A Catalog, You Say?
To avoid that competition, you might consider working with a manufacturer to modify existing merchandise — putting a special cover on an existing book, for example. By modifying existing products, you’re not obligated to pay for creative and manufacturing costs, which already have been borne by the manufacturer. One of the advantages of this type of merchandising is that you can set your own price and not be in competition with general retailers.
New-product development. The last merchandise category is product development, which results in a product that’s available only from your organization. These custom products provide the greatest control over the cost of goods sold, but they also involve the greatest investment. It’s one thing to put your own cover on an existing book, but quite another to publish a new title. Nonetheless, it can be a smart move for a mature merchandising program; it’s not a starting point unless you have a very talented outside consultant.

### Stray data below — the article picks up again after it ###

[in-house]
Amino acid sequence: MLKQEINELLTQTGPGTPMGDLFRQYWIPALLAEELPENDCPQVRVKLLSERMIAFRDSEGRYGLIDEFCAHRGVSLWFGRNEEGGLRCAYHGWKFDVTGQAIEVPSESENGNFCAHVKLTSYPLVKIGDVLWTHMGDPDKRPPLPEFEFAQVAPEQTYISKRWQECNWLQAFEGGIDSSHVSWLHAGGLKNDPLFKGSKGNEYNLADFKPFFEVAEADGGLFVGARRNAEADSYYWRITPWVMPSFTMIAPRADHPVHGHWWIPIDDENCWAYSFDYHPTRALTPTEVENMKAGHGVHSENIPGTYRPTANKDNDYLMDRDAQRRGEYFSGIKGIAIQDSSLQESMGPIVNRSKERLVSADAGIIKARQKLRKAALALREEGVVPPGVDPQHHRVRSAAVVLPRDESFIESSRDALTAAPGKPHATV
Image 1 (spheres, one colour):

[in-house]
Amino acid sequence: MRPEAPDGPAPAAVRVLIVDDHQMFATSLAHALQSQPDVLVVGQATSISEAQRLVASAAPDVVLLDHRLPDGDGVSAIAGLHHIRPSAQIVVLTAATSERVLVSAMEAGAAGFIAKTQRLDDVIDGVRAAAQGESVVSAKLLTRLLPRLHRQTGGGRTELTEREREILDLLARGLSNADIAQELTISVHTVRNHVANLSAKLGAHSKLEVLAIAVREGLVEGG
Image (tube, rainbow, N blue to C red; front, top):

Susie Boghosian is the director of marketing and strategic planning at the Smithsonian Catalogue. Jinny Fleischman is a Washington, D.C.-based marketing consultant.